The prosecutor immediately asked to defer the decision by 72 hours and the judge acceded.
The hearing took place on 30.4.13. 72 hours will bring us to 3.5.13. If the next hearing is on 5.5, what’s the point of depositing money, arranging for guarantors etc?
Wael Adarah – ID 851588350.
A clergyman from Yata, in the South HebronMountains.
The charge: possession of arms and hunting without a license.
There is a revised indictment but no evidence, so the defense has reached an agreement with the prosecution. If it does not go through, Mr Adarah will be in detention for many months until this is sorted out, so he is is better off accepting the charges.
We don’t know if Mr Adarah actually hunted pigeons, but neither does the judge – there is no evidence.
Atty. Ali Aramin reached an agreement with the prosecution, and the purpose of this hearing is to obtain the judge’s approval.
Mr. Edre admitted to owning a gun and 40 bullets, and insisted that he shot 5 pigeons.
Because of “difficulty obtaining evidence” (in other words, there IS no evidence) the offered deal is: 45 days in prison, and 4000 shekel fine or alternatively 4 more months.
The defense raises the defendant’s status in the community as a clergyman.
The judge accepts the agreement, but not without lecturing the detainee on “what’s expected of a man of the cloth…. It is illegal… the gun can fall into the wrong hands… (No, he does not mean the settlers). Still, the judge allows him 5 phone calls, including the use of cell phone at the state’s account.
Ahmad Da’ejna – ID 851842443
Elias Da’ejna – ID 851101873
Mussa Da’ejna – ID 956952402
Kassem Da’ejna - ID 942503632
Defense: Munther Abu Ahmad
The defendants are three brothers and a cousin, shepherds from Yatta. Their flock is in the village of Jinba, near Yatta. They drive there in a Mitsubishi – an Israeli vehicle – without a license. We reported about this state of affairs in the past, so we’ll recap briefly:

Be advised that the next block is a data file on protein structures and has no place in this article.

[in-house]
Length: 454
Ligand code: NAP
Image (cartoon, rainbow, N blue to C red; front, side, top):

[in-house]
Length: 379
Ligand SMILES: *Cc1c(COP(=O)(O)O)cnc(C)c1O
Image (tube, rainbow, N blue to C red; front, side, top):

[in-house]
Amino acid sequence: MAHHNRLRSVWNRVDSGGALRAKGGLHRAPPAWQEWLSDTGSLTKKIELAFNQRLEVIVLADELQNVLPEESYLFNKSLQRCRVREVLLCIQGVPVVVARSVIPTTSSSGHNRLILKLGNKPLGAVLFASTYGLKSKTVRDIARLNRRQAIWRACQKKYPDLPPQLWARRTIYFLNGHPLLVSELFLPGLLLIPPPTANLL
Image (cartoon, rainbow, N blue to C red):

Palestinians buy used cars from Israelis very cheaply. The PA forbids this practice: it gives licenses, plates and insurance only to new cars. Thus, Palestinians drive in the Territories without licenses and without insurance.
To reach Jinba from Yatta, the shortest way – by 15 km - is through Israeli territory. The prosecution claims that they have done this routinely (hence the recidivism) In the past, the police and the army did not object. However, now the policy has changed, and they were stopped at Meitar Checkpoint at the entrance to Israel. They are charged with two violations: driving an unregistered vehicle and violating a ‘closed area’ injunction.
The driver, Kassem Da’ejna, denies the allegations, claiming he knows the area well and they were not driving in Israeli territory.
The prosecutor reiterates the danger they posed, their flight risk and the recidivism, requesting detention until the conclusion of the investigation.
The defense, citing Kassem’s denial, requests release on bail.
The judge determined that the defendants did not try to infiltrate Israel; they just wanted to take a 15 km shortcut. He said: “The circumstances of the case imply no endangerment; the flight risk can be countered by appropriate release terms; each detainee will pay 2000 shekels, plus 3000 personal guarantee, plus 5000 guarantee by an Israeli citizen. Since they are related, the payment should be made jointly. But the state of Israel also allowed each of them 3 phone calls, including a cell phone, at the state’s expense.
The prosecutor requested a 72-hour delay, but the judge allowed only 48 hours, until noon the next day.
Translation: Marganit Weinberger
Judge: Eran Laufman
Defense: Firas Sabah, Judd Kadmani
There are 4 cases in the docket, two of them of detainees “barred from meeting with an attorney”. On a third case there is a gag order.
Sami Muhammad Suleiman Ata – ID 854408564
Defense: Atty. Firas SAbah
There is an agreement between the sides: an 8-day remand and transfer of the case to the prosecution.
Yussuf Muhammad Hussni Tahaa – ID 906440128
The detainee is barred from seeing his attorney, Firas Sabah.
Tahaa has been in detention since 14.4.13 and is barred from meeting his attorney until 2.5.13.
The police investigator requests a 15-day remand extension. This is the second remand extension.
Tahaa is suspected of military activity and providing service to an unlawful organization.
With the detainee out of the court, the defense interrogates the police investigator. He sums up: the suspect, who apparently cooperated with the interrogator, links himself to the charges against him. He provided two statements to the police. The defense sees no reason for such a long remand. True, the investigation is complex, but the suspect does not deny the allegations. He has been barred from seeing an attorney for many days.